The common denominator across all states is the Datasource. It can be a significant effort to wire up code-wise, but once complete, it allows us to easily feed raw results into the data processing pipeline.  Our goal in coming months is to tackle this problem for as many states as possible, freeing contributors to work on more interesting problems such as data loading and standardization.

Raw Results

When the datasource was in place, we were ready to load Maryland’s data as RawResult records in Mongo, our backend datastore. The goal was to minimize the friction of initial data loading. While we retained all available data points, the focus in this critical first step was populating a common core of fields that are available across all states.

In Maryland, this meant writing a series of data loaders to handle variations in data formats across time. Once these raw result loaders were written, we turned our attention to cleanups that make the data more useful to end users.


Loading raw results into a common set of fields is a big win, but we’ve set our sights much higher. Election data becomes much more useful after standardizing candidate names, parties, offices, and other common data points.

The types of data transforms we implement will vary by state, and in many cases, one set of cleanups must precede others. Normalizing data into unique contests and candidates is a transform common to all states, usually one that should be performed early in the process.

Transforms let us correct, clean or disambiguate results data in a discrete, easy-to-document, and replicable way.  This helps keep the data loading code simple and clear, especially when dealing with varying data layouts or formats between elections.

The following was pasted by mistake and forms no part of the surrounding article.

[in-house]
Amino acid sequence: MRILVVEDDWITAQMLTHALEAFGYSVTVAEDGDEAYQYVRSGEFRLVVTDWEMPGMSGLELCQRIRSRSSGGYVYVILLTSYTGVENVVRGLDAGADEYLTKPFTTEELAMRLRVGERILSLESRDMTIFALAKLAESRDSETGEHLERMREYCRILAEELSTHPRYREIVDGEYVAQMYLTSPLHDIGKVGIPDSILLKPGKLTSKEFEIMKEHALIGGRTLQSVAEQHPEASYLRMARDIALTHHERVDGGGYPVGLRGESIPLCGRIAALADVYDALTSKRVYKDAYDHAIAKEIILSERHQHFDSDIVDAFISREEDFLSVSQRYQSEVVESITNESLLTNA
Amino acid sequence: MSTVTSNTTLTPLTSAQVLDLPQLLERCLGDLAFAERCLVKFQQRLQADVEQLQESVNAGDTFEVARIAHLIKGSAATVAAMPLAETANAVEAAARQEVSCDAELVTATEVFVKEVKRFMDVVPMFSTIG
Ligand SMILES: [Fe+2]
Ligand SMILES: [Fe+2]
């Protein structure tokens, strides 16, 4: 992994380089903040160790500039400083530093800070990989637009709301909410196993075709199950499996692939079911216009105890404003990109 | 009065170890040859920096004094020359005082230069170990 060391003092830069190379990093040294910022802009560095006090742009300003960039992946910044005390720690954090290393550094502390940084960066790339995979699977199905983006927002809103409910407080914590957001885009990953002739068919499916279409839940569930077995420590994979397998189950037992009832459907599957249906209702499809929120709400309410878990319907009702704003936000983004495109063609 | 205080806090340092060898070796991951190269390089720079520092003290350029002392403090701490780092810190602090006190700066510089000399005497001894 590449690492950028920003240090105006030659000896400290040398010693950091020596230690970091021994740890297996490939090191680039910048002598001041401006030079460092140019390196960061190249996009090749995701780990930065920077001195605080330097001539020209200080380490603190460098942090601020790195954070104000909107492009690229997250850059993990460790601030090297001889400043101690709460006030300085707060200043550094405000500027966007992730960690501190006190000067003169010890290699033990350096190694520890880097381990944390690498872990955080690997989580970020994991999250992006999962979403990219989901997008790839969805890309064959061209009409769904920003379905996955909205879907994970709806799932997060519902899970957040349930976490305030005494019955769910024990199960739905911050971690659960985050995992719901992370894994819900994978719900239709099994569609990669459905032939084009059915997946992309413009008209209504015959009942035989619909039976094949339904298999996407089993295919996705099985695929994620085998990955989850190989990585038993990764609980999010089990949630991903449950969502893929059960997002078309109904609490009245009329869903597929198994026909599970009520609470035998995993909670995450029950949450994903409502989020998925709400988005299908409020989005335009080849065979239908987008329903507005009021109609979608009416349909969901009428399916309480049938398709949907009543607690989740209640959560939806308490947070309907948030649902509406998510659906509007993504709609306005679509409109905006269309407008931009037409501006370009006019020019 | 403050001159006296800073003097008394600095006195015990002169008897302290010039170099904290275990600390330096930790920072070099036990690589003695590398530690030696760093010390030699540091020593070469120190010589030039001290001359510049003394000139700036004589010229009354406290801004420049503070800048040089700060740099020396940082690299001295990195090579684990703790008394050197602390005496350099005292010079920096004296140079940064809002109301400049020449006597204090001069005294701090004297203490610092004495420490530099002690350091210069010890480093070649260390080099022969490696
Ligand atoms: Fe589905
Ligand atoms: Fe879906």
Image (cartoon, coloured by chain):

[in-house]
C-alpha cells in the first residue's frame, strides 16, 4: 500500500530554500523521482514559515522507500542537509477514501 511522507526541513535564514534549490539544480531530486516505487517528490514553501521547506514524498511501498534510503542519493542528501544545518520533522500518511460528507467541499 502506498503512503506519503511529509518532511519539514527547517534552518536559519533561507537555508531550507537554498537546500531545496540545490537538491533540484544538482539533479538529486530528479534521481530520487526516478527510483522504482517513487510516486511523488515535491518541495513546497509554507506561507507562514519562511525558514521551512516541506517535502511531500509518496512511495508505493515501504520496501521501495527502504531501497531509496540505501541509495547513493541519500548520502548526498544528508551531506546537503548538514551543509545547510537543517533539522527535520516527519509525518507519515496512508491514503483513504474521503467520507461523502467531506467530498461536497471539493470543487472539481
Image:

In Maryland, we used the core framework to create unique Contest and Candidate records for precinct results. These transforms included:

This opened the door to generating totals at the contest-wide level for each candidate.


At this point, you might be getting nervous about all this processing.  How do we ensure accuracy with all this data wrangling? Enter data validations, which provide a way to link data integrity checks with a particular transformation, or more broadly check data loading and transformation.  In Maryland, for example, we implemented a validation and bound it to a transform that normalizes the format of precinct names.  In this case, the validation acts like a unit test for the transform.  We also cross-check the loaded and transformed result data in validations that aren’t bound to specific transforms to confirm that we’ve loaded the expected number of results for a particular election or ensure that the sum of a candidate’s sub-racewide vote totals matches up with published racewide totals.

Implementing and running validations has helped us uncover data quirks, such as precinct-level data reflecting only election day vote totals, while result data for other reporting levels includes absentee and other types of votes. Validations have also exposed discrepancies between vote counts published on the State Board of Elections website and ones provided in CSV format.  We’ve circled back to Maryland officials with our findings, prompting them to fix their data at the source.